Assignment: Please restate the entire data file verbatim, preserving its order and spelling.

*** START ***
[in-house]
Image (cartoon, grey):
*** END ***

[in-house]
Image (cartoon, grey):